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Incandescent heat pump stuff (out of main)

Lycanthrope

S3XY old dude
Nov 15, 2013
8,889
67,934
At home

Tungsten filament incandescent bulbs aren't perhaps as evil as people think, resides the more pleasant light they give off (not my intention to argue the pros/cons of the blue light content rather the aesthetic quality), the heat they produce in the winter is offset by lower heating costs.

So in theory, if you don't use them much in the warmer months, they're probably better for the environment, given (and this is a bit of a WAG) that they likely have a smaller carbon footprint for manufacture. The negative might be that they don't tend to last very long, so need replacing more often.
 

Carl Raymond

Active Member
Oct 18, 2018
1,464
11,464
NSW, Australia
Tungsten filament incandescent bulbs aren't perhaps as evil as people think, resides the more pleasant light they give off (not my intention to argue the pros/cons of the blue light content rather the aesthetic quality), the heat they produce in the winter is offset by lower heating costs.

So in theory, if you don't use them much in the warmer months, they're probably better for the environment, given (and this is a bit of a WAG) that they likely have a smaller carbon footprint for manufacture. The negative might be that they don't tend to last very long, so need replacing more often.

OT

Even if only used when you need heat, two problems immediately. You only get a watt of heat for a watt of energy. With a heat pump (reverse cycle AC) you get three or four times better. Second, it’s likely half your heat will go through the wall or ceiling where the light is affixed.

Incandescents are a giant leap backwards. I usually stay well out of US politics, but this one gets right up my goat. He’s deliberately sabotaging our chances of halting the Keeling Curve, a problem which transcends borders.
 

Fact Checking

Well-Known Member
Aug 3, 2018
7,517
120,112
Vienna
Tungsten filament incandescent bulbs aren't perhaps as evil as people think, resides the more pleasant light they give off (not my intention to argue the pros/cons of the blue light content rather the aesthetic quality), the heat they produce in the winter is offset by lower heating costs.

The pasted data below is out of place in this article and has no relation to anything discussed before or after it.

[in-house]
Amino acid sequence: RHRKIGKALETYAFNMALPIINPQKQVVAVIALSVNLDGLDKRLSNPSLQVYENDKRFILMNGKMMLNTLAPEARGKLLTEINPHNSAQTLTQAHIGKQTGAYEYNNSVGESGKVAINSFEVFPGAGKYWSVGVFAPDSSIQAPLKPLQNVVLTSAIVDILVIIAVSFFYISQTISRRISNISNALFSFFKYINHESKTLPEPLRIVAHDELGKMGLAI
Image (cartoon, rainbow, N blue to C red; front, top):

That's really misleading though: using incandescent light bulbs for heating is an incredible waste of electricity - a heat pump (such as one in the Model 3 - to stay on topic ;)) will use just 30-40% of the electricity for the same amount of heating.

So incandescent light bulbs are wasting resourcesl both in the winter and in the summer.
 

Fact Checking

Well-Known Member
Aug 3, 2018
7,517
120,112
Vienna
Technically the A/C is a heat pump. I think he meant a heat pump for heating the cabin. Which indeed it has not AFAIK.

Only by choice: every AC compressor is a heat pump (it's pumping heat) - whether it's cooling or heating the interior volume depends on whether the hot side or the cold side is connected to the internal air.

In practice heat pumps that are also used for the heating of buildings will manage the 'cold side' so that it does not freeze in the winter (which can damage the coils), by inserting regular periods of 'melt cycles', plus they use fans to move external air through an over-sized external heat-exchanger, and have a (mechanical) process to switch the two heat exchangers so that they can be used both for cooling and heating. The compressor itself doesn't really know: it's working in the same heat-pump fashion during both cycles.

So while you can 'invert' a refrigerator by connecting the interior to external air and keeping its compressor side within your home, which might work surprisingly well in the autumn, it probably won't work very well in the winter.
 
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jerry33

(S85-3/2/13 traded in) X LR: F2611##-3/27/20
Mar 8, 2012
19,580
22,040
Texas
So in theory, if you don't use them much in the warmer months, they're probably better for the environment, given (and this is a bit of a WAG) that they likely have a smaller carbon footprint for manufacture. The negative might be that they don't tend to last very long, so need replacing more often.
That's really just planned obsolescence by the manufacturers. If you use a European incandescent bulb it will last many decades. Of course, the difference in electricity use between LED and incandescent is staggering. Also LED is now available in 2700K and 3200K just like incandescent. And it's just silly to think that incandescent is environmentally friendly.
 
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Lycanthrope

S3XY old dude
Nov 15, 2013
8,889
67,934
At home
OT

Even if only used when you need heat, two problems immediately. You only get a watt of heat for a watt of energy. With a heat pump (reverse cycle AC) you get three or four times better. Second, it’s likely half your heat will go through the wall or ceiling where the light is affixed.

Incandescents are a giant leap backwards. I usually stay well out of US politics, but this one gets right up my goat. He’s deliberately sabotaging our chances of halting the Keeling Curve, a problem which transcends borders.

That's really misleading though: using incandescent light bulbs for heating is an incredible waste of electricity - a heat pump (such as one in the Model 3 - to stay on topic ;)) will use just 30-40% of the electricity for the same amount of heating.

So incandescent light bulbs are wasting resourcesl both in the winter and in the summer.

ON topic: original Model S used incandescent bulbs in the rear number-plate, one of the first mods to do was to replace this oopart with an LED

OFF topic: agreed about the inefficiency, but what %age of people have heat-pumps? I know one person only
 

Prunesquallor

His cardinal virtue? An undamaged brain.
Dec 19, 2018
2,904
29,562
Houston/Galveston
Tungsten filament incandescent bulbs aren't perhaps as evil as people think, resides the more pleasant light they give off (not my intention to argue the pros/cons of the blue light content rather the aesthetic quality), the heat they produce in the winter is offset by lower heating costs.